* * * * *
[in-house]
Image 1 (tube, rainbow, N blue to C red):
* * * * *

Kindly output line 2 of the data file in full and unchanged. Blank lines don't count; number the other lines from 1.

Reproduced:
Image 1 (tube, rainbow, N blue to C red):